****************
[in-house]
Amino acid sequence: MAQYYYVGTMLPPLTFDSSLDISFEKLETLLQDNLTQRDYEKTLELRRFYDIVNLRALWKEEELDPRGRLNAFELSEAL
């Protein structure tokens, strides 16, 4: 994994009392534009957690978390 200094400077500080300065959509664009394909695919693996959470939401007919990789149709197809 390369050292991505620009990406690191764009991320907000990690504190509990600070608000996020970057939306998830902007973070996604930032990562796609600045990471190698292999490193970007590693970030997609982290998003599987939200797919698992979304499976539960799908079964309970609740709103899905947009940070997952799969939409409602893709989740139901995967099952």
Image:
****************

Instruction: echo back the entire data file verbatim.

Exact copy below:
[in-house]
Amino acid sequence: MAQYYYVGTMLPPLTFDSSLDISFEKLETLLQDNLTQRDYEKTLELRRFYDIVNLRALWKEEELDPRGRLNAFELSEAL
């Protein structure tokens, strides 16, 4: 994994009392534009957690978390 200094400077500080300065959509664009394909695919693996959470939401007919990789149709197809 390369050292991505620009990406690191764009991320907000990690504190509990600070608000996020970057939306998830902007973070996604930032990562796609600045990471190698292999490193970007590693970030997609982290998003599987939200797919698992979304499976539960799908079964309970609740709103899905947009940070997952799969939409409602893709989740139901995967099952």
Image: